But why does Jesus call her? Is he trying to make a point, and she is the perfect case with which to do it? I don't think so. Jesus is not an "issues" leader, but a "people" leader. I am sure that he operates here as he has operated throughout his ministry. When he sees people in need, his heart is "moved with compassion" (Matthew 14:14; Mark 1:41 KJV) and he does whatever is in his power to help them, to heal them.
And so Jesus calls her forward, to the front of the synagogue where he is sitting teaching the congregation. I can imagine a hush as she moves to the front. Some people look anxiously at the synagogue president as this happens -- and see a frown.
When she arrives, Jesus speaks to the lady: "Woman, you are set free from your infirmity." The verb in Jesus' proclamation is apolyō, a compound word made up of the words apo- "from" and lyō "to loose." This fairly common word is used in several ways in the New Testament: 1. As a legal term "to grant acquittal, set free, release, pardon." 2. to release from a painful condition, "free." 3. "let go, send away, dismiss." and 4. "to divorce."570 Here it is in the Perfect Tense, meaning that it took place in the past and continues in effect: "You were and are set free from your infirmity." The noun is astheneia, "weakness, sickness" that we also saw in verse 11.
"Then he put his hands on her, and immediately she straightened up and praised God." (13:13)
The lady is close now, right in front of Jesus. So he reaches out and puts his hands on her. Immediately -- without any hesitation or gradually lifting up -- she straightens up instantly. I've heard people teach not to lay hands on people afflicted with spiritual oppressions, but Jesus didn't follow that rule.571 Greater is the power of the Spirit of God within Jesus than the power of the unclean spirit that has dwelt in this poor afflicted lady for 18 years. And Jesus' touch vanquishes and expels the demon. Suddenly she jerks erect. Bam! No hesitation. The spirit is gone!
Luke records, "and she praised God." You'd better believe it!
You can imagine what she says: "Praise God! Hallelujah!" and she isn't quiet about it. Throughout the synagogue goes a murmur of amazement and wonder and approval. People are grinning from ear to ear. Women are weeping for the crippled, now-healed friend. The people are deeply moved -- all except the president of the synagogue.
"Indignant because Jesus had healed on the Sabbath, the synagogue ruler said to the people, 'There are six days for work. So come and be healed on those days, not on the Sabbath.'" (13:14)
I find this synagogue president a real "piece of work," though I have seen his kind in and around churches for decades. Luke describes him as "indignant." The Greek word is aganakteō, "be indignant against what is assumed to be wrong, be aroused, indignant, angry."572 And why? The Lord God Almighty has just healed in spite of his deeply held Sabbath rules.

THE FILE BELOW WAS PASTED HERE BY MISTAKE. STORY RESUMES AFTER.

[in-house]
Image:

For me this doesn't make much sense. It is clear, however, that he doesn't see Jesus' healing as an act of God, but as a natural act of healing that is considered "work" in his system of thinking. But lest we cast stones too soon, the history of the Christian church, as well as churches you and I have been members of, is replete with evidence that church people are by no means above criticizing, condemning, and excluding the moving of God's Holy Spirit. Since God doesn't feel constrained to operate by our church rules as he works with people, some stiff and proper church people can't understand that it could be God at work at all! How history repeats itself.
The Sabbath rest principle, of course, began with God's command as outlined in the Fourth Commandment:
"Remember the Sabbath day by keeping it holy. Six days you shall labor and do all your work, but the seventh day is a Sabbath to the Lord your God. On it you shall not do any work, neither you, nor your son or daughter, nor your manservant or maidservant, nor your animals, nor the alien within your gates. For in six days the Lord made the heavens and the earth, the sea, and all that is in them, but he rested on the seventh day. Therefore the Lord blessed the Sabbath day and made it holy." (Exodus 20:8-11)
God commanded Sabbath-keeping for our own good, not for his good (Mark 2:27). But by Jesus' time, Sabbath-keeping as interpreted by the rabbis was a bundle of legalisms. For example, a man was prohibited on the Sabbath from taking a journey of over 2,000 cubits (2000 x 18 inches = about 3000 feet) from his dwelling. But if, the day before, the man deposited food for two meals at the 2,000 cubit line, that was interpreted as constituting his "dwelling," and he could legally travel another 2,000 cubits.
Much of the Mishnah tractate "Sabbath" consists of precise definitions for the purpose of determining what was allowable and not allowable on the Sabbath. So in their casuistry they defined a "public space," a "private place," a "wide place." If the weight of a "dried fig" constituted a "burden" then was it permissible to carry two half figs at two different times on the Sabbath and avoid it being called "work"? And so on and on. Other tractates of the Talmud make it clear that on the Sabbath one could not climb a tree, ride, swim, clap one's hands, strike one's side, dance, or make a vow.